Atomically engineered materials for exotic physical phenomena

Supervisor:                                                            Prof. Dr. Stuart Parkin
Responsible Scientific Pillar Coordinator:      Dr. Yicheng Guan


Recent advances of the thin-film deposition method including, but not limited to, magnetron sputtering, pulsed laser deposition, atomic layer deposition, chemical vapor deposition and molecular beam epitaxy have enabled the growth of ultra-thin nanometer thin films even down to the mono-layer limit. Exotic and unexpected physical phenomena have been observed in these mono-layers, such as high-temperature superconductivity, two-dimensional ferroelectricity and two-dimensional ferromagnetism [1-2]. The dissimilarities in their transport, optical and magnetic properties between these mono-layer materials and their bulk counterparts have made them extremely attractive for basic physical research and are believed to herald next generation functional devices. For example, recently, the mono-layer perovskite materials have caught attention due to their enhanced stability and structural tunability. They offer a versatile platform for manipulating the charge carrier lifetime and their magnetic and electronic structures since the broken inversion symmetry at the interface can enhance the Rashba splitting [1-2]. Apart from the oxides, the ultra-thin metals can also be used as dusting layers to engineer the interfaces in magnetic heterostructures, which may in turn give rise to significant enhanced magnetic dynamics [3].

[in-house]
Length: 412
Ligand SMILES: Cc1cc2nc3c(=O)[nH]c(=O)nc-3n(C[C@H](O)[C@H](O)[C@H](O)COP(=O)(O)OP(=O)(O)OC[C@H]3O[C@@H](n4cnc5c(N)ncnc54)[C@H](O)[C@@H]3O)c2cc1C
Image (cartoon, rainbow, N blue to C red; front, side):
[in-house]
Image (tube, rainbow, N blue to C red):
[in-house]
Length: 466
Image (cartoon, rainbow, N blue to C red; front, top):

This project deals with atomically engineered materials that possess exotic physical properties and underpin the fields of spintronics, oxide electronics, cognitive devices and routes to room temperature superconductors. In this project, it is expected that you will work with multiple film deposition systems such as pulsed laser deposition, atomic layer deposition and molecular beam epitaxy with  characterization methods including, but not limited to, transport, magnetization, scanning electron microscopy, piezoelectric force microscopy and scanning transmission electron microscopy. Functional devices will be further investigated taking advantage of the atomically engineered materials.


[1] A. G. Ricciardulli et al., Nat. Mater. 20 (2021)

[2] P. Kumbhakaret et al., Materials Today 45 (2021)

[3] Y. Guan et al., Adv. Mater. 33 (2021)


For scientific questions about the possible PhD topic, please contact Dr. Yicheng Guan. For formal question regarding the application, please contact Michael Strauch.

Go to Editor View